What comes to mind when you think of pain?
A dislocated cheekbone, an insect bite, or probably a first-degree burn. These are some of the most painful things I can think of at the moment.
But there are different types of pain and they have different impacts on our lives. I’m talking about psychological exertion and the influence they have on our lives.
If you look close enough, you can see that almost every good thing in life is a result of pain. This is because as much as it disturbs us, it is also our greatest motivator. Life, success, and even death all have one thing in common; pain.
Life is often celebrated, both at the beginning and at the end. But human nature only allows us to recognize torment at the end and not at the beginning, well, for most of us. But one thing we must all acknowledge is that life at the beginning is often associated with exhilarating pain. I’m not sure whether the infant experiences pain but there’s a lot of distress for sure.
Mothers have to soak themselves in sweat during the few hours or days leading to their delivery. Fathers, on the other hand, suffer psychological and emotional pain. Pacing up and down the hallway at the hospital not knowing what to expect but hoping for the best. The uncertainty during this time is distress no man wants to experience a second time in his life. But it’s followed by joy when you hear the first cry. It carries all the pain away and all you recognize is unending bliss.
Isn’t it amazing how pain precedes happiness? How bliss wipes away the memory of distress experienced right before a new life is brought to this world. The bottom line is, the struggle pays off by bringing the parents and society great happiness as they watch the infant grow. That also marks the beginning of their encounter with pain.
Being mature is often associated with a responsibility for one’s life and regard for that of others. Simply, a mature person is valuable to himself and the people around them.
But what people often overlook is the impact of pain in shaping maturity. Responsibility, in most cases, is a product of irresponsibility. Experiencing the negative influence of irresponsibility on one’s life is deemed to prompt self-realization and consequently self-responsibility. This is because irresponsible acts often end in pain thus demanding change in behavior to ensure different stimuli. This is from a psychological point of view.
From a physical point of view, maturity is associated with getting past certain stages or rather rites of passage. Some of these rituals require bloodshed which implies pain. You have to endure the agony of losing the first teeth to grow stronger ones that last year. In some cultures, young males have to go through circumcision which is perceived to be painful to be recognized as adults in society.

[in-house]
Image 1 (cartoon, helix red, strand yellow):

Maturity is a good thing, but the ultimate cost must be realized and paid; pain.
We all want to be successful, and most of us are. But the difference in magnitude of success is the willingness of each individual to endure or rather persist.
This mantra is used in various places to motivate people to endure. Let’s approach it from a more realistic viewpoint. Some of the greatest athletes have graced our stadiums. But one thing they all have in common is their willingness to put in the effort. They trained hard to fight easily. Legendary wrestlers have also graced our screens with the same story, train hard to fight easy.
Every success requires effort and dedication. It requires us to look past the pain and see the promise of reaping great results. This is irrespective of the career field. White-collar jobs owners also have a painful story to share.
The bottom line is, there must be some pain for there to be any degree of success. Let’s assume luck does not exist for a moment. [Debate for another day]
This word freaks the hell out of me but I couldn’t find any appropriate synonym.
I believe that this is the case because of the pain associated with the name. Well, most people might argue that we should celebrate life instead of mourning their departure. It’s easier said than done, I know. But one thing I also acknowledge is the pain associated with the situation. Well, I’m not sure the dead feel any pain. What I’m sure of is the pain we, the bereaved experience emotional pain we cannot fathom. I believe it’s unfathomable.
There’s not much to this, the only thing we can is live the best empathetic life we possibly can. For our sake and the sake of the people leave behind. Make memories while we are alive so that our bereaved can afford a smile despite sharing pain for our demise. Not everything will be shrouded in nostalgia but we should at least try to make it so.
Pain is necessary, but how we approach it should also be cautionary. It’s okay to acknowledge its existence. But this doesn’t mean you should embrace it and live with it. Reasonable fear of distress is the greatest motivator to do what is acceptable in society. Accepting it and living with it might have unprecedented influences in your life. Impacts and consequent actions that you do not want to be referenced to you.
Whether physical, emotional, social, or psychological pain is dreaded but harnessing it could influence your life positively.
I hope you have learned something from this post. If so, like and leave your thoughts on pain in the comment section below.